How Ramadan Affects Guantanamo Bay Detainees' Hunger Strike

A federal judge has refused to stop the force-feeding of Guantanamo Bay inmates on a hunger strike. David Greene talks to Carol Rosenberg, of the Miami Herald, who's just returned from the Guantanamo Bay detention center in Cuba, where she's been reporting on the prisoners' hunger strike.

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RENEE MONTAGNE, HOST:

It's MORNING EDITION, from NPR News. Good morning, I'm Renee Montagne.

DAVID GREENE, HOST:

And I'm David Greene. At the Guantanamo Bay Prison it has been a chaotic few months, with many detainees on a hunger strike. Now, with the beginning of Ramadan, some have ended their strike. But things remain tense. Many prisoners are being force-fed after dark since during the holy month, Muslims are forbidden to eat during the day.

All of this is playing out as the debate goes on over when, and whether, to close the prison. To learn more, we turn to Carol Rosenberg, of the Miami Herald. She has spent a lot of time reporting on the prison.

You had some pretty striking lines in one of your recent stories. You wrote that things at Guantanamo were improving over Ramadan because two captives quit their hunger strike, and 24 hours passed without a single detainee throwing bodily fluid at a guard. I mean, it sounds like things had gotten so bad people are really looking for even the smallest signs of encouragement.

CAROL ROSENBERG: It sounded a little bit like a cease-fire. The other half of it was, the guards haven't been tackling and shackling the detainees to get them out of their cell, which is part of the tug of war that's gone on there during this hunger strike.

GREENE: What's happening in this cease-fire, as you describe it?

ROSENBERG: Well, the military has changed the rules a little bit. They have said if you want to be able to pray in groups, to break the fast in groups, you have to commit to not hunger-strike. Hunger-striking at Guantanamo is a little different than, I think, people really imagine it. It doesn't mean they never eat. It means that they mostly don't eat. And the Navy Medical Corps down there is figuring out who is losing weight, having suffered such malnutrition that they've put them on the hunger strike list.

Now, 26 have apparently committed to eat. So there's 80 on a hunger strike; about half the prisoners. And there's 46 on the list for forced-feedings - meaning, they will shackle you; take you out of your cell; put you into a restraint chair, where you are strapped in; and this tube will be inserted up your nose, down the back of your throat and into your stomach, to have a can of Ensure put in.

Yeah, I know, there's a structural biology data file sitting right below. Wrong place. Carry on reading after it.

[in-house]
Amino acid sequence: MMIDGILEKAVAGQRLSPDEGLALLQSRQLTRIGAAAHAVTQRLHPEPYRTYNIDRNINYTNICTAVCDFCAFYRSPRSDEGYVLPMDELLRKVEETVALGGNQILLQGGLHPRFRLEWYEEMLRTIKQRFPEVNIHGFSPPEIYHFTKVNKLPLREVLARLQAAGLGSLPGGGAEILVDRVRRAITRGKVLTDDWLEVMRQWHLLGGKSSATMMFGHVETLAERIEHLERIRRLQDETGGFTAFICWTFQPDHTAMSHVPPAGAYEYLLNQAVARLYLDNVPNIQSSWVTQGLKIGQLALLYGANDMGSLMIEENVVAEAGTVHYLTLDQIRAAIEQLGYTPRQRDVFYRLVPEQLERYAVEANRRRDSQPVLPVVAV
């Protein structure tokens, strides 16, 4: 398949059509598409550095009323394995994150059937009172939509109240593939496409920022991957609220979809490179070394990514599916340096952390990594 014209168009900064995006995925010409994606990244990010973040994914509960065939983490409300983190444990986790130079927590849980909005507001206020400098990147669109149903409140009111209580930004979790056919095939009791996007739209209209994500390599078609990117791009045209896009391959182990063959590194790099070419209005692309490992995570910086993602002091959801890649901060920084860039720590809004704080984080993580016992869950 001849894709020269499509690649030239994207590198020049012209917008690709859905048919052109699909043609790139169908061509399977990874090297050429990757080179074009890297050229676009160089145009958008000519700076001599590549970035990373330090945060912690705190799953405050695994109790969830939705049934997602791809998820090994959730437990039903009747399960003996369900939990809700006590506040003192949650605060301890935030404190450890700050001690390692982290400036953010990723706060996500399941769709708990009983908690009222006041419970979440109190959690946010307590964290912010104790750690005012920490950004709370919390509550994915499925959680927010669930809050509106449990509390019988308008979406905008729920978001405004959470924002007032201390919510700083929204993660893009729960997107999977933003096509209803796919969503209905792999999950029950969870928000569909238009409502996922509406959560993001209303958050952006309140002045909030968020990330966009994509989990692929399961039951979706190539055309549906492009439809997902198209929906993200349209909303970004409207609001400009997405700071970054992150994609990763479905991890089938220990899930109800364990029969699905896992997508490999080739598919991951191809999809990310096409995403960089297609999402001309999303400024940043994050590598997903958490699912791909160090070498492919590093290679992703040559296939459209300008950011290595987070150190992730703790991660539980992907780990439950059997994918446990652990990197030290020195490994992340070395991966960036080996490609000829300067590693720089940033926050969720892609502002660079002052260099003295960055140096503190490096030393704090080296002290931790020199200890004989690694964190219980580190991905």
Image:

GREENE: And the force-feeding, Carol Rosenberg, not the only thing taking place that has drawn criticism. A judge wrote some serious questions about the pat-downs that go on at the prison. Tell me about that.

ROSENBERG: About a year ago, the way they accomplished searching men as they went to see their attorneys, was with wandings and modified pat-downs. Since then, a mentally ill detainee committed suicide by overdose of drugs. And the guards wondered if he hadn't hid these drugs in a personal area. And so they extremely aggressively, have started searching their privates.

The lawyers came back and said, you're only doing this to the men as they go to and from legal meetings and now, they don't want to see us. Well, the judge agreed with the lawyers and said, you cut it out. It was one of the first times that a federal judge has said to the military, you can't do that down there.

GREENE: Well, and as the government appeals that decision from the judge, more broadly - I mean, President Obama has spoken about closing Guantanamo. And he recently appointed Clifford Sloan to oversee the transfer of Guantanamo inmates out of the prison and back to their countries. And that was a position that was empty for a long time. And what does this signal?

ROSENBERG: That the hunger strike seems to have worked; that they've gotten enough attention, that the president has recommitted to trying to find a way to work with Congress to get people out of there. Now, we have a new closer - as they call him - a special envoy trying to figure out a way to move men out to safe - possibly detention elsewhere; or back to their home countries, where governments like Yemen, Saudi Arabia, Algeria, will keep an eye on them to make sure that they aren't so angry at us that they've spent the last 12 years at Guantanamo, that they will seek to attack U.S. targets again.

GREENE: Yeah, and we should say that that's the argument of members of Congress. They're not convinced that these men - or at least, some of them - if they're released, won't go back and commit acts of terrorism against the United States.

ROSENBERG: Absolutely. Congress has concluded that they are all dangerous men 'cause somebody somewhere, let go, is going to become our nightmare. And so Congress seems to be satisfied with the idea of forever prisoners in a forever war. And they've got roughly 166 men pretty much locked in down there, regardless of their grades of guilt or maybe innocence, or potential for trial. And they want nobody let go.

GREENE: Carol, we know you're going to be returning to Guantanamo soon. We'll look forward to hearing more about your reporting. Thanks so much.

ROSENBERG: Thank you.

GREENE: Carol Rosenberg covers the prison at Guantanamo Bay for the Miami Herald.

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